The 59th Session of the UN Commission for Social Development was held from February 8-17, 2021. “Socially just transition towards sustainable development: the role of digital technologies on social development and wellbeing of all” was the theme of the commission. The concept, “socially just transition” can provide a vision and framework of principles, processes, and practices to guide the role of digital technologies in social development and well-being of all, and create a more compassionate, fair, and interconnected world.
During the COVID-19 pandemic, the use of digital technology has accelerated. It has enabled people to work remotely, to access healthcare, education, do banking and shopping, and access public information and engage in social interaction. It is playing a crucial role in keeping society functional. While digital technologies have the capacity to advance social progress and overcome inequalities, the pandemic has shone a light on the growing ‘digital divide.’ COVID-19 is reversing the decades-long fight against poverty, hunger, and inequalities. We could say, COVID-19 is not a leveler, but a revealer; it has magnified existing inequalities in all its dimensions – income, wealth, access to food, education, healthcare, water and sanitation, adequate housing, electricity, information and communication technology, social protection, and more. While 70 to 100 million people fell into extreme poverty and 265 million people went hungry every day, billionaires increased their wealth by 27 percent.
During the Commission, on February 9th, the Vincentian Family NGOs, along with the Institute of the Blessed Virgin Mary and the Salesian Missions held a side event on: Digital Technology at the Service of Ending Homelessness. According to UN Habitat, approximately, 150 million people are homeless, and their numbers are increasing as millions of unemployed are vulnerable to evictions. Another 1.6 billion experience inadequate housing.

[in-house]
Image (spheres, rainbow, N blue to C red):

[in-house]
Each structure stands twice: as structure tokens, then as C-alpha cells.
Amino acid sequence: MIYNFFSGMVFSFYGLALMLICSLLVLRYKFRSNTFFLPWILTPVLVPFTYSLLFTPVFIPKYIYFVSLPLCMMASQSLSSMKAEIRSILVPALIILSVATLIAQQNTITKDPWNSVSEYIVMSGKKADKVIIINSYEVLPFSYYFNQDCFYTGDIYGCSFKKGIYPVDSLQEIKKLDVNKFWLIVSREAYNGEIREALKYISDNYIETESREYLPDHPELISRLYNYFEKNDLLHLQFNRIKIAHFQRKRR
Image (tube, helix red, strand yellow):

In this event, we tried to explore how digital technologies are being used to provide early interventions and resources to people experiencing homelessness and those at risk of becoming homeless. And how mobile access can help to connect with family, friends, and case workers; improve health outcomes; gain employment; access social services; and offer a greater sense of empowerment and agency. Also, how technology is currently used for data collection on homelessness.
Our speakers for the event were: Bill Soward of Sheltertech, a non-profit in San Francisco area solving the biggest technology challenges faced by homeless persons; Maheshwari Balan, a data analyst, documentation and intervention planner for Don Bosco National Forum for the Young at Risk, India; Renato Lima de Olivera, International President of the Society of Saint Vincent de Paul; Lydia Stazen, Executive Director of the Institute for Global Homelessness; and Rajarshi Sircar, Resource Mobilizer and Fund Raiser for Loreto Rainbow Homes, Kolkota, India. They provided an array of best practices on how their organizations have employed technology to engage children with ongoing education, extracurricular activities, return missing and runaway children to their homes or provide secure shelters, providing a wide array of services to people experiencing street homelessness and how technology is used to track data on homelessness and create strategies to address homelessness globally.
The promise of social, political and financial inclusion can become a reality only when digital technologies are accessible to those left behind, especially people experiencing homelessness. Social justice and human rights should be at the heart of the digital transformation that is taking place today and to take up the clarion call given by the Secretary-General of the UN: “Leaving no one behind means, leaving no one offline.”
Those interested can watch the side event by clicking here. Access the recording with the following Passcode: o8YzE#qu
Teresa Kotturan SCN
NGO Representative at the UN
Sisters of Charity Federation